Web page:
Procedural law deals with different forms of administration of justice by the courts in cases concerning criminal law, property law and family law. The Code of Judicial Procedure contains detailed rules regulating the ways in which the parties and the courts shall act in different stages of the proceedings in district and city courts, as well as applicable rules when a decision is appealed against to the Court of Appeal or the Supreme Court.

What requirements must be satisfied for a party to be able to commence legal proceedings? What information shall be included in the writ submitted to the court by the prosecutor or the legal counsel representing a party in a dispute concerning, for example, a breach of contract? In the latter, the prosecutor must describe the wrongful act committed by the defendant, which he considers being able to prove. In a case concerning property law the plaintiff (the party who has commenced the proceedings) has to submit, for example, a claim for compensation/damages due to him. He will also have to describe the factual circumstances of the case, forming the grounds for the granting of his claim, following a certain legal rule. Frequently the parties will need to amend their claim or defence in the course of the proceedings, which is not always permitted by the law.

It is important that nobody is tried without being heard. The parties must be given an opportunity to present their case and sufficient time in order to refute the claims of the counter-party. All documentation submitted by one party must be passed on to the other party, so that the latter may convey his or her views. As a rule a final hearing, so called trial proceedings, usually takes place at which oral evidence is presented. A party must inform the court in advance what evidence he is going to present at the trial proceedings. This way the counter-party has the possibility to prepare cross-examination and decide on the counter-evidence that will be necessary. The parties are responsible for adducing the necessary evidence. The prosecutor will therefore seldom get any help from a court that has found that the prosecutor has neglected his duty to request examination of an important witness. Neither will the court inform the parties’ attorneys in cases concerning property law of the necessity to supplement the evidence in some important respect. Judges must be strictly neutral, which is why they should not give advice or instructions to any party. A judge may put certain questions to a party or a witness if something is unclear. It is sometimes difficult to decide how far a judge may go in his attempts to disentangle confusing issues. The requirement of impartiality places restrictions on the questions that may be asked, lest they be perceived as one-sided, and therefore aiding one of the parties.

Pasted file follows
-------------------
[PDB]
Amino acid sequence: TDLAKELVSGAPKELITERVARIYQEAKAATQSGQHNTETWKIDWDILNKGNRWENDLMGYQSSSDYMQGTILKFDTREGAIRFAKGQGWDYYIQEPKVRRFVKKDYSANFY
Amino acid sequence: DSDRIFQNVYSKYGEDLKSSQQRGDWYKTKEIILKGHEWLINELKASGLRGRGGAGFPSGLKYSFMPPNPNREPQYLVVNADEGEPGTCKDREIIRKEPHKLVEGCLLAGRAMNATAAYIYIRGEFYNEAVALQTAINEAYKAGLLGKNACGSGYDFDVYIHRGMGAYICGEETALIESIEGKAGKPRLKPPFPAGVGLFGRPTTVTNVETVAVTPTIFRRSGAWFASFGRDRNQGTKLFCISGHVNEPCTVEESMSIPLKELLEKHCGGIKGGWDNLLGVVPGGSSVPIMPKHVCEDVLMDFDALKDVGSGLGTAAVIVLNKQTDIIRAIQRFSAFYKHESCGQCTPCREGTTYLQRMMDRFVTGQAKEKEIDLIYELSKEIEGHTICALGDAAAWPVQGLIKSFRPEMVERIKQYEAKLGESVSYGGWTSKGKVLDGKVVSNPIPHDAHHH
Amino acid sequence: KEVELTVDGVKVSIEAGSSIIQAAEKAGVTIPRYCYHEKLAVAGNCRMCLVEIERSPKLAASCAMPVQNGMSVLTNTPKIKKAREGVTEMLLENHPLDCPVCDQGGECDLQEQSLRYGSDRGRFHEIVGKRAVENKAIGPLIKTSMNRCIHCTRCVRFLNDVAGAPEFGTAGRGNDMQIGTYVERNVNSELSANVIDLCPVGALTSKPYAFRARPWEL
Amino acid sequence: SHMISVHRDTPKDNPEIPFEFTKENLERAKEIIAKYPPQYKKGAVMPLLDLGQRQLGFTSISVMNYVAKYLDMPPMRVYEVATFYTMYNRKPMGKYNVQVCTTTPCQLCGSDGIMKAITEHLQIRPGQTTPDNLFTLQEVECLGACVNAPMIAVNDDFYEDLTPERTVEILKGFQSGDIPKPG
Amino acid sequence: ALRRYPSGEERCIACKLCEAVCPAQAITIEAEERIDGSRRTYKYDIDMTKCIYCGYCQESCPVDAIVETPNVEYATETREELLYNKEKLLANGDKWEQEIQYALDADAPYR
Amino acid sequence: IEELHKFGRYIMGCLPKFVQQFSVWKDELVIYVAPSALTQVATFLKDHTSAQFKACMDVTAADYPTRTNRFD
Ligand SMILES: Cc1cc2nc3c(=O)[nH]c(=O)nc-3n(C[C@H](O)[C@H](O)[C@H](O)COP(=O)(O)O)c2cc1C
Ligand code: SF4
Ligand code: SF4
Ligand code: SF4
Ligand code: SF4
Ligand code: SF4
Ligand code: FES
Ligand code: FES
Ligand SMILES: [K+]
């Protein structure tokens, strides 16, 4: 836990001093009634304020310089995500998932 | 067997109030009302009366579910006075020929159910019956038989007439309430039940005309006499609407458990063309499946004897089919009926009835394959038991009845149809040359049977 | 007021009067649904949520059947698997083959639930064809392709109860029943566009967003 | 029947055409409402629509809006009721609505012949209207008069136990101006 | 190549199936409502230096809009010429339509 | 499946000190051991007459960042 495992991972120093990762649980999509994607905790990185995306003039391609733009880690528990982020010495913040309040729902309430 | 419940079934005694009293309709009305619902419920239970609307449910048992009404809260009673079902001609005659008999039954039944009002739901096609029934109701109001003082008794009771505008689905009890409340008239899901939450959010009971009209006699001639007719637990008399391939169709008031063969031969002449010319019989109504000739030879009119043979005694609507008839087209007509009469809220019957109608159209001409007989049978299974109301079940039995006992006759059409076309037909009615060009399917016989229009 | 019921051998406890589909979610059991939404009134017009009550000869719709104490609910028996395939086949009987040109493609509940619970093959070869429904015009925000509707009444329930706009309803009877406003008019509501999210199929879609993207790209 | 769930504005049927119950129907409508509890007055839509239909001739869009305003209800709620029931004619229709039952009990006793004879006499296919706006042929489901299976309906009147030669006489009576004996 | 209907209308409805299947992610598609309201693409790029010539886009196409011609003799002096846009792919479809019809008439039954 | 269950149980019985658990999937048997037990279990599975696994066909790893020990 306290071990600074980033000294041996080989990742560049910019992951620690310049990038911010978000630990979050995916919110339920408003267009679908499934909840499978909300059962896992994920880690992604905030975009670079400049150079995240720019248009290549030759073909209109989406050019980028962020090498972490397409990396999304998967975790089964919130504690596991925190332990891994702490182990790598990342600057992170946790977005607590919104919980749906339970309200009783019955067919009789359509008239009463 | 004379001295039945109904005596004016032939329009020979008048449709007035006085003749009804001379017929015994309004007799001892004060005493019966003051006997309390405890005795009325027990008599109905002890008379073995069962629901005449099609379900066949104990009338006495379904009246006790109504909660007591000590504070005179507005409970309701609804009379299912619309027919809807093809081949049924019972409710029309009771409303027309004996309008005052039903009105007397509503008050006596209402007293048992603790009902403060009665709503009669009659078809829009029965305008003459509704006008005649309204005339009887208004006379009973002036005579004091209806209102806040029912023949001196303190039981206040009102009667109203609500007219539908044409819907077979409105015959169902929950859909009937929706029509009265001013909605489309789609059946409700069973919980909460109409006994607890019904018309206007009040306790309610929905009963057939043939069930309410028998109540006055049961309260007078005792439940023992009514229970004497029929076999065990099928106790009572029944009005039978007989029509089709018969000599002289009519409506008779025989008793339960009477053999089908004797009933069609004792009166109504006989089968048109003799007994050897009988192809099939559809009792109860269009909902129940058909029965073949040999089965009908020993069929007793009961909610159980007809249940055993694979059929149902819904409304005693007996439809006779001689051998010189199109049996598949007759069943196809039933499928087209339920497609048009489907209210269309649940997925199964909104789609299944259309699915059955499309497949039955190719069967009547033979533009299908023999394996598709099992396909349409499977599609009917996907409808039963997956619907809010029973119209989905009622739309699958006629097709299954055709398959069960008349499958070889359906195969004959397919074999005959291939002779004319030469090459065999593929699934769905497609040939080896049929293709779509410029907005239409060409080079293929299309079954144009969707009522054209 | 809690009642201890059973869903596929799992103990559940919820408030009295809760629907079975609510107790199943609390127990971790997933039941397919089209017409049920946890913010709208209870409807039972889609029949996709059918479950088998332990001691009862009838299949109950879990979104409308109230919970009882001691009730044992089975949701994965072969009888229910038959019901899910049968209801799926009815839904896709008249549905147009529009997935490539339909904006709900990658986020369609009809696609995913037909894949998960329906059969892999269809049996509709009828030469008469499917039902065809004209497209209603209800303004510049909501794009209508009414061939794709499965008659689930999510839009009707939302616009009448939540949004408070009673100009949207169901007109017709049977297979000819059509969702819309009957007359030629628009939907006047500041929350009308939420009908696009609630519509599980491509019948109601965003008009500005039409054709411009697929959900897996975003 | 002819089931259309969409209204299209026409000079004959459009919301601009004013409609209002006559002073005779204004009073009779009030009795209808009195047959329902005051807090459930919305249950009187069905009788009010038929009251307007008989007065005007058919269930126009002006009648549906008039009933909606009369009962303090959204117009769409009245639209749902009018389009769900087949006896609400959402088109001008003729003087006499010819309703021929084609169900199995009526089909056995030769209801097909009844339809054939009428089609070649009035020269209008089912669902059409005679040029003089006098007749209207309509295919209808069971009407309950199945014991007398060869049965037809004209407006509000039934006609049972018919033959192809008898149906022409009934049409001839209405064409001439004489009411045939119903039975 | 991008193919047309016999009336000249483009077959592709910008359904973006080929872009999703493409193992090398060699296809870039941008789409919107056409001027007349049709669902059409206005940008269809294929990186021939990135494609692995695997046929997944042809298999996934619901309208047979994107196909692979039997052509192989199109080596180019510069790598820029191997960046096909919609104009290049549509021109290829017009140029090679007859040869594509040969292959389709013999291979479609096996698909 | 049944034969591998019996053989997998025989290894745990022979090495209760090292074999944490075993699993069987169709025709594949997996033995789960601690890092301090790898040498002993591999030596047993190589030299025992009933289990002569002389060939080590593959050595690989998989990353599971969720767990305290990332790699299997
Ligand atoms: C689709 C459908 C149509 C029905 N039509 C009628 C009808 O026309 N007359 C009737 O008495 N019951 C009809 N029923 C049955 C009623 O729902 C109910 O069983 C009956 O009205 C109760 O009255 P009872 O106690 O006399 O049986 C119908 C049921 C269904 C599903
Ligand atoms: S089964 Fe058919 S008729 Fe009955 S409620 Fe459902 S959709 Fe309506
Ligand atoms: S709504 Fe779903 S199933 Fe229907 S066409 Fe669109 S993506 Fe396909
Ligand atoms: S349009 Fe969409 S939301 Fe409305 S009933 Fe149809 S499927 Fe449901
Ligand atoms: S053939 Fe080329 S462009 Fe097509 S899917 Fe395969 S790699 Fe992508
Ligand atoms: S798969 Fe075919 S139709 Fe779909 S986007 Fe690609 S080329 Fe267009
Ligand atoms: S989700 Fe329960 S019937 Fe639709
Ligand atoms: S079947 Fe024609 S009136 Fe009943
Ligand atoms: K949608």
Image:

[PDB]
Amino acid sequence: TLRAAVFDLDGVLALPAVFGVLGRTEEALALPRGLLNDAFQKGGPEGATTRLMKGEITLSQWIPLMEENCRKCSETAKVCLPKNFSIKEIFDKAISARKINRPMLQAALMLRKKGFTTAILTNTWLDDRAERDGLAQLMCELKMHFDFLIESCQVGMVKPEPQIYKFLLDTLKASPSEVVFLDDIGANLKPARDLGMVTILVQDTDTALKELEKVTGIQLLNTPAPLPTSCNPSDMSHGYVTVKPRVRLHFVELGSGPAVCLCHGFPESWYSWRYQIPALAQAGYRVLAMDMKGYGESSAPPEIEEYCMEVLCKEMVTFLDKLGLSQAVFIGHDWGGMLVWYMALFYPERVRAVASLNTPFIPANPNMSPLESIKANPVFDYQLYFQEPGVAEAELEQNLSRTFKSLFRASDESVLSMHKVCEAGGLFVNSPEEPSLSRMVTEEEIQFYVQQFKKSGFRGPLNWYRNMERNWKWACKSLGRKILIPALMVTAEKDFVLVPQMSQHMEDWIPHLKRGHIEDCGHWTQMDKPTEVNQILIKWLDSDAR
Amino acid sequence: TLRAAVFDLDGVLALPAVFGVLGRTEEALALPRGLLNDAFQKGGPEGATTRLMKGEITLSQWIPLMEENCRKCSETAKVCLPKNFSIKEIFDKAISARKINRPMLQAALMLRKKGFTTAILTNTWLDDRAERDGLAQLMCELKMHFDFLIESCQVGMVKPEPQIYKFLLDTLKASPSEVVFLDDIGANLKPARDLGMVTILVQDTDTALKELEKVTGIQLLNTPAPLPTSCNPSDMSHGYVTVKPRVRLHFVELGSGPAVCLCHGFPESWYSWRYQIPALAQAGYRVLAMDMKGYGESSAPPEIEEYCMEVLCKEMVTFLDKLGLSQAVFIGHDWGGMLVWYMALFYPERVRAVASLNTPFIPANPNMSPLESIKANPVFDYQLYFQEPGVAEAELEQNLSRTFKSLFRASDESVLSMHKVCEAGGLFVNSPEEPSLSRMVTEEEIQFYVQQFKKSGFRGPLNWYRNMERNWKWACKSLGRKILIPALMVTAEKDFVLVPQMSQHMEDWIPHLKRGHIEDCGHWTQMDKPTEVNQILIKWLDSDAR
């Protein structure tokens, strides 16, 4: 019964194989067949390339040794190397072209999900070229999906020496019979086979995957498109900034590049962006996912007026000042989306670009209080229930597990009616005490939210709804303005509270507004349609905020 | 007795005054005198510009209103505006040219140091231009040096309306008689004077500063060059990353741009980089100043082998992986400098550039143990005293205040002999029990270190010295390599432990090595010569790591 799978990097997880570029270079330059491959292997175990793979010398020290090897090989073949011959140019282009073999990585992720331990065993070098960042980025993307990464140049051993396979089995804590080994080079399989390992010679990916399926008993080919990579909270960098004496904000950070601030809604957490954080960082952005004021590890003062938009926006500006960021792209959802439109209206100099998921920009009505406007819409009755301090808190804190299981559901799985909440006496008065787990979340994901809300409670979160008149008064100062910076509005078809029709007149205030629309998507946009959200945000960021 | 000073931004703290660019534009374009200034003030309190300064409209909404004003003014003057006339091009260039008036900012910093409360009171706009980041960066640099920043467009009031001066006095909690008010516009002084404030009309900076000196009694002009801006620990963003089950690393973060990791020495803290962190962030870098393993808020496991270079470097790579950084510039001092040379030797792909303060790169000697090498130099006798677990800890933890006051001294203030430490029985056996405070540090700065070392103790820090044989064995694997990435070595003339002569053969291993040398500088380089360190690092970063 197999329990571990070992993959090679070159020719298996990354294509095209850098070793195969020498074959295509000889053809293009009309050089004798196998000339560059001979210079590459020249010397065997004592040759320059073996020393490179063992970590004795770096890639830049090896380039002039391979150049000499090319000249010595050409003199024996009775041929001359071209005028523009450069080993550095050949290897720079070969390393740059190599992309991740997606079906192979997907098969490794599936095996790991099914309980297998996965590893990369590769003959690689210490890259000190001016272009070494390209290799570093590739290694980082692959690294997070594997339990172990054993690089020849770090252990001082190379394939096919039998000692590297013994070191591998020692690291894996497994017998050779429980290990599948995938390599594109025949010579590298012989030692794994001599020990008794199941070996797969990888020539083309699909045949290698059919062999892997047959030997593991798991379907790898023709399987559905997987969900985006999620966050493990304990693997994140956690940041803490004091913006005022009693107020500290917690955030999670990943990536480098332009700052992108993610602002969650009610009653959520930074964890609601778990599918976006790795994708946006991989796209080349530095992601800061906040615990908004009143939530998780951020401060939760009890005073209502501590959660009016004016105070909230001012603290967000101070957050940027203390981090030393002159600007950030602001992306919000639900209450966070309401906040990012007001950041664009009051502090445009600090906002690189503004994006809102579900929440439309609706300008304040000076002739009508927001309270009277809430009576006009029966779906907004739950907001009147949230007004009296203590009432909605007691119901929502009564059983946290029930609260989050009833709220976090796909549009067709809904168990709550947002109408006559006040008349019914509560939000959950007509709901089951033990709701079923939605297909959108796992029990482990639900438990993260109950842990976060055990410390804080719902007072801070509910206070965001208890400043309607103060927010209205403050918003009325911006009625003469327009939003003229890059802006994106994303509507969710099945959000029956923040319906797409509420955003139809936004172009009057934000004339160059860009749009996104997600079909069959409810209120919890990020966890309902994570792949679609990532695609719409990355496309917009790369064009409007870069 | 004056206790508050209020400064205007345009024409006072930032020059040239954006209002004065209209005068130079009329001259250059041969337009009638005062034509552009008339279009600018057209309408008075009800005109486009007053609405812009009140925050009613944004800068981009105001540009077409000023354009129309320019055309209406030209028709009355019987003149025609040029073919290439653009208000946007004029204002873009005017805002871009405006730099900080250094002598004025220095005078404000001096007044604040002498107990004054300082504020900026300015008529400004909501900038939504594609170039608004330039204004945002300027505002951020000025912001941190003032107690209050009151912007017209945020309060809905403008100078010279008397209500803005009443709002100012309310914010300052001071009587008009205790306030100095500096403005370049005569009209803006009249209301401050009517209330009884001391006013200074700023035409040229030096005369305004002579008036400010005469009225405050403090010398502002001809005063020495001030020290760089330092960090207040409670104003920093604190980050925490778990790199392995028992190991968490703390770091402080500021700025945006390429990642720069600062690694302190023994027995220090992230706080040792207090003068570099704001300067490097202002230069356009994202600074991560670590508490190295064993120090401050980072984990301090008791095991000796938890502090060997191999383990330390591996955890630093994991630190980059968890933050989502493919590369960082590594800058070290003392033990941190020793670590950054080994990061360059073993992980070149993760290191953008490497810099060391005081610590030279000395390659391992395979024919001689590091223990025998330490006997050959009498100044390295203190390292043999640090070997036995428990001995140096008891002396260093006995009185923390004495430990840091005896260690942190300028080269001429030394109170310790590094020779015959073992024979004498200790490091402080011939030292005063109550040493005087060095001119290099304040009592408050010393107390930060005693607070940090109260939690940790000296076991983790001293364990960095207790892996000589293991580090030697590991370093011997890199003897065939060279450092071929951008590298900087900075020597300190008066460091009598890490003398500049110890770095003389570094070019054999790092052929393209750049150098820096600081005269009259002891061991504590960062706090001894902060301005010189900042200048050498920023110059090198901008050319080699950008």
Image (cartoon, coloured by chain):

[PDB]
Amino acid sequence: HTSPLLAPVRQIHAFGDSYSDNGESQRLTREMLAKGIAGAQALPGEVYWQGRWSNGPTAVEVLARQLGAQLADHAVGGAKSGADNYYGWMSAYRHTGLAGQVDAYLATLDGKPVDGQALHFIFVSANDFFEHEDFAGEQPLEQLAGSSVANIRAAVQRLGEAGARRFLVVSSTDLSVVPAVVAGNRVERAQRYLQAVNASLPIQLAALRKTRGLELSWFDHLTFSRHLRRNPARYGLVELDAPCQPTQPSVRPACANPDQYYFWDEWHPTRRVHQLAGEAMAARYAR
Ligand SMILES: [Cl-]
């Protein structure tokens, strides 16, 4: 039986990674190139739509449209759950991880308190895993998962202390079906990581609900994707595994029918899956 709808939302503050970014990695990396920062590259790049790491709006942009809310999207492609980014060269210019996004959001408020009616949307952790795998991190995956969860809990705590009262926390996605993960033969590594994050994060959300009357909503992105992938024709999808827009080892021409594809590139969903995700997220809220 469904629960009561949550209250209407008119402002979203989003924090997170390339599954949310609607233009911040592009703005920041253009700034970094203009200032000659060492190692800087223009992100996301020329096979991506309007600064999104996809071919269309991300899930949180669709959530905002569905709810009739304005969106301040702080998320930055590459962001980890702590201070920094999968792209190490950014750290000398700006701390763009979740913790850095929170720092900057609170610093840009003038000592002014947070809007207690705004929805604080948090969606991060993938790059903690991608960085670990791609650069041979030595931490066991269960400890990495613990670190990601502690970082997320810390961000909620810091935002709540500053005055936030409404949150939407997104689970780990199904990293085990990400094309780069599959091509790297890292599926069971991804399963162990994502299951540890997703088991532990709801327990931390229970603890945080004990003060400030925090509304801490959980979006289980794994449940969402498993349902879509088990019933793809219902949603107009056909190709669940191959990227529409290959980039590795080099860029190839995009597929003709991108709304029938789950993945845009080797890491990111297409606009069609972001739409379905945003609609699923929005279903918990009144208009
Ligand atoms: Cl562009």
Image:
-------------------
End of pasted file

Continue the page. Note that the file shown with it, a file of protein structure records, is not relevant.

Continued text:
Evidence law constitutes an important part of procedural law. The question of how evidence shall be evaluated arises in a number of cases. It can be the question of, for example, assessment of conflicting information given by the witnesses or the parties. In criminal cases the burden of proof rests on the prosecution who must adduce corroborative evidence for their case. In civil disputes it is often difficult to decide who the burden of proof rests on, and whether it is the one or the other party that has to prove his or her claim. In the majority of cases strict proof requirements are directed at one of the parties. If the issue concerns a causal connection which is difficult to prove, the burden is lighter.

Procedural law is also concerned with questions referring to the way in which the hearing of witnesses shall be conducted. Is it permissible to ask questions about strictly personal matters, or questions that may be perceived as subjective or humiliating? May a party ask questions based on false or questionable premises?

It is important that the general public and the press have insight into the way justice is administered. This is why the fundamental rule stipulates that court proceedings shall be public and that anyone shall be entitled to be present in a court room and listen to the trial. Only in exceptional cases may the court decide that the public shall not be allowed to attend a trial, for example, in cases which concern business secrets or preliminary hearings.